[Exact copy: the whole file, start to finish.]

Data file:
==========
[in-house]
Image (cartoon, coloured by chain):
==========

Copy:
[in-house]
Image (cartoon, coloured by chain):